We took it easy out of Triacastela. Actually that was Stephen's first time to stay in the dormitory style albergue. It's a private one and cost 9e each and was completely worth the few extra euro. "It was nicer than he thought and fewer people." The municipal ones are much more crowded and he was thankful that the snoring wasn't as pronounced as it could have been.
Because we had such a short day, we took our time and left around 8:30, after breakfast. We had lovely walk up over Sanxil. The last time I did this, I left O Cebreiro and continued towards Sarria instead of breaking it into two days. I was more than a little thankful that the free range chickens and their droppings weren't around, as that made the prior walk messy and difficult.
I found the old vending machine that has a special place in my first Camino storyline. I chatted with Libby of Melbourne and met Jakob and Elias from Austria there. Conrad also of Austria was at the picnic table and saw me but I didn't get to talk with him until the next day. These three young men (who I think of as my Camino nephews) walked the final few days of the journey with me.
The machine however was covered up. So we continued on. We passed Dennis again. I chatted with Phil and Jane from New Zealand; Jane took our photo at the picnic table. They spoke of the wonders of nature and I sensed that the Camino was an opportunity to connect with nature as a couple.
Ran into Wesley again. We spoke more. He's trying to find a home church in Wheaton and discovered that he enjoyed the contemporary liturgical format at the Anglican (not Episcopal) Church "Church of the Transformation". I'm warmed that his spiritual journey has room for liturgy. We also chatted about the prominent Marianism in some of the churches.
I split with him as I got to the albergue an hour before Sarria. I wanted to walk into the facility with Stephen, as it was my favorite place last time and was a filming location for last year's documentary made in the USA.
We got into Sarria and the first thing we noticed was our cab driver from yesterday honking at us - our third interaction with him. What a small world this is!
Next we noticed that an old bridge which I crossed last year was completely taken apart and getting refurbished. I also reconnected with two Dutch brothers whom I shared an albergue room in Belorada with Uli.
We detoured and walked to our private hostal/bed and breakfast. Afterwards, we toured the town, enjoying the river, and grabbing some gelato (a nice complement to the panacotta I had at lunch). I couldn't be more grateful for the quiet contemplative walk by streams all week long and then in this small city.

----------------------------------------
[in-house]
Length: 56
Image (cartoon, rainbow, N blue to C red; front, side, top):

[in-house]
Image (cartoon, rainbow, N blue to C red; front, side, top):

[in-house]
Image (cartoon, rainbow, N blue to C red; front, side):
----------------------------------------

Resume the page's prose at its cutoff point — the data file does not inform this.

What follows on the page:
Saw dozens of children playing in the streets. We ran into Molly and Abbey again. We became Facebook friends, which is a wonderful way to stay in touch with others on pilgrimage. We chatted some with Rob and his daughter Joey again. She has these hilarious tan lines from her walking sticks. All these re-meetings are an important part of the Camino. You learn to appreciate how we are all in this together and are thankful when your separate journey paths intersect once again.
We attended the church service at 7:30 and saw a few pilgrims. After the service, I spoke for a while with Sarah from Switzerland. She saw the Taizé cross I wear and we talked about her love for that form of worship. She was so excited about meeting another Taizé person. She gave me a surprising hug and said thank you for making her day.
At the end of the day, we spoke with Wilma from Holland and Anna and Franz also from Holland. The latter were celebrating their 50th anniversary with a two month Pamplona to Santiago walk. It was only planned a couple months ago. What I found most delightful was their wide eyed love of everyone and everything they are seeing. In fact, they talked about how everything about the trip is a wonderful thank you.
Wow. What a way to close the day. I pondered this into the night, as fireworks were shooting in the distance for some festival. Here they were, from Holland, talking about gratitude. Remember my encounter with Gies, also from Holland? He survived a health scare and now he's miraculously on Camino. And, in his words, every step was a way of saying thank you. ( http://www.letallwhoarethirstycome.com/2016/06/camino-2016-0604-every-step-chance-to.html )
What a blessing! I was already feeling gratitude today but the reminder by these angels couldn't be clearer. There's so much for which to be thankful and we just need to remember how much love is showered upon us. So thank you Lord and thank you my family and friends.
Follow the pilgrimage on Facebook at http://bit.ly/mel-healing-camino